Viral load versus CD4+ monitoring and 5-year outcomes of antiretroviral therapy in HIV-positive children in Southern Africa: A cohort-based modelling study
Institute of Social and Preventive Medicine, University of Bern, Finkenhubelweg 11, Bern, Switzerland; Rahima Moosa Hospital, University of the Witwatersrand, Johannesburg, South Africa; School of Public Health and Family Medicine, University of Cape Town, South Africa; Khayelitsha ART Programme, Médecins Sans Frontières, India; Red Cross Children's Hospital, University of Cape Town, Cape Town, South Africa; Tygerberg Academic Hospital, University of Stellenbosch, Stellenbosch, South Africa; Wits Reproductive Health and HIV Institute, Faculty of Health Sciences, University of Witwatersrand, Johannesburg, South Africa; McCord Hospital, Durban, South Africa; Desmond Tutu HIV Centre, University of Cape Town, Cape Town, South Africa
Objectives: Many paediatric antiretroviral therapy (ART) programmes in Southern Africa rely on CD4+ to monitor ART. We assessed the benefit of replacing CD4+ by viral load monitoring.Design: A mathematical modelling study.Methods: A simulation model of HIV progression over 5 years in children on ART, parameterized by data from seven South African cohorts. We simulated treatment programmes with 6-monthly CD4+ or 6- or 12-monthly viral load monitoring. We compared mortality, second-line ART use, immunological failure and time spent on failing ART. In further analyses, we varied the rate of virological failure, and assumed that the rate is higher with CD4+ than with viral load monitoring.Results: About 7% of children were predicted to die within 5 years, independent of the monitoring strategy. Compared with CD4+ monitoring, 12-monthly viral load monitoring reduced the 5-year risk of immunological failure from 1.6 to 1.0% and the mean time spent on failing ART from 6.6 to 3.6 months; 1% of children with CD4+ compared with 12% with viral load monitoring switched to second-line ART. Differences became larger when assuming higher rates of virological failure. When assuming higher virological failure rates with CD4+ than with viral load monitoring, up to 4.2% of children with CD4+ compared with 1.5% with viral load monitoring experienced immunological failure; the mean time spent on failing ART was 27.3 months with CD4+ monitoring and 6.0 months with viral load monitoring.Conclusion: Viral load monitoring did not affect 5-year mortality, but reduced time on failing ART, improved immunological response and increased switching to second-line ART. © 2014 Wolters Kluwer Health | Lippincott Williams & Wilkins.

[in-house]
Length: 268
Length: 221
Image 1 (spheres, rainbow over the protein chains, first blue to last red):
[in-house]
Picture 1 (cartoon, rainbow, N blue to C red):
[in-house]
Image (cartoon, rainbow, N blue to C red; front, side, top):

antivirus agent; nonnucleoside reverse transcriptase inhibitor; proteinase inhibitor; antiretrovirus agent; antiviral therapy; Article; CD4 lymphocyte count; child; childhood disease; cohort analysis; disease course; follow up; human; Human immunodeficiency virus infection; major clinical study; mortality; outcome assessment; patient compliance; simulation; therapy; treatment failure; treatment outcome; virus load; adolescent; Africa; CD4 lymphocyte count; CD4+ T lymphocyte; comparative study; drug monitoring; evaluation study; female; HIV Infections; immunology; infant; male; preschool child; procedures; survival; theoretical model; virology; Adolescent; Africa, Southern; Anti-Retroviral Agents; CD4 Lymphocyte Count; CD4-Positive T-Lymphocytes; Child; Child, Preschool; Cohort Studies; Drug Monitoring; Female; HIV Infections; Humans; Infant; Male; Models, Theoretical; Survival Analysis; Treatment Outcome; Viral Load
32333B-150934, SNSF, National Institute of Allergy and Infectious Diseases; 5U01-AI069924-05, NIAID, National Institute of Allergy and Infectious Diseases